Jesus warns us not to lose our seasoning power and not to hide our light because who we are right now IS salt and light. And that light and that salt is not for us to keep to ourselves but to share with the world. That is how our salt stays useful. That is how our light, no matter how perfectly it shines, lights the way for others. All that we need is within us right now to be repairers of the breach in all our imperfect glory.

We are salt and light people. We add flavor to the world. We add zest to the world. Think of how boring the world would be if everything we ate tasted the same. We need different seasonings, different blends of seasonings to enliven our food. Why then do we not think the same about our world in general? You right now are the salt of the earth. God has given you your unique flavor to share with the world. God has given you unique gifts that you can bring to bear on our work in the world. God’s work of justice and feeding and peacemaking. You are special. When we bring all these flavors and use them together, amazing things happen. We don’t need to taste like false holiness in order to do God’s work. We don’t need to try to be like everyone else. We are salt right now, just as God created us to be.

We are salt and light people. We light up the world. It doesn’t matter if our lights are small flames barely visible or out of control fires that are hard to tame. It doesn’t matter if our light is at the top of a gorgeous silver candelabra or if it is at the top of a primitive torch. Who we are, what we do, lights up the world. Don’t hide your light because you think it isn’t good enough. Don’t be afraid of your light if it burns brightly. Don’t judge if others burn differently from you. Use your light to show you the way. Use your light to light the way for others. We shine so that others can find hope.

One of the commentaries I read this week said, “Salt and light people are those who bring flavor and color, integrity and insight, healing and compassion into the world by the way they live, love and interact. Their influence is felt not through judgment or legalism, but through a life lived with a completely different quality, that touches others with grace and truth and compassion and calls out to the best in them, leaving them longing to live better lives themselves.” So I don’t have to be falsely holy. My worth is already present because I already am salt and light. My work then is to season the world around me. To be authentic to who God made me to be, to have integrity in my life and my dealings with others, to offer healing to those in need and even to myself, to be compassionate, to offer grace, to feed others, to fight for those who are oppressed, to shine a light so that others can see.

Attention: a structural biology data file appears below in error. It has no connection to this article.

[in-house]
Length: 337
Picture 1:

Jesus ends this section of the sermon on the mount saying that unless your righteousness exceeds that of the scribes and Pharisees, you will never enter the kingdom of heaven. What is the kingdom of heaven, the afterlife? No, I think Jesus means God’s hope for a renewed world right here, right now. And we know that to Jesus the scribes and Pharisees always thought they got it right through following every rule and being holy enough. Jesus echoes God’s prophecies in Isaiah, which also was echoed in Micah’s passage that we read last week. You can have all the “holy worship” you would like, do all the “right” things in order to worship, follow all the rules to the letter of the law. But that doesn’t make you holy. God has told you what you need to do. Love kindness, do justice, and walk humbly with God. Feed the hungry, house the homeless, free the oppressed, do not hide yourself. You already are salt and light. God wants you to take that and use it. God made you salt and light for your benefit and for the benefit of the world, for the restoration of the world. You don’t have to wait until you are holy, or until you get it right, or until everyone in your life sees you are worthy, or until you get the right job, or have enough money, or can pray the right prayers, or do the perfect spiritual practice, until you lose enough weight, or get healthy, or whatever it is you are waiting for or feel badly about.

You are salt and light right now. And the world desperately needs your flavor and your brightness so that our streets are restored and the kingdom of God is realized here on earth, just as it is in heaven. In my faith-washing I have come to realize that I actually am holy Holly. But not in the way I always thought I needed to be. I am holy Holly in all my mess because God says, “You are my beloved child. In you I am well pleased. Now go out and get busy.” And I am confident that if God can say that to me, God is saying it just as surely to you. Let’s go light up the world.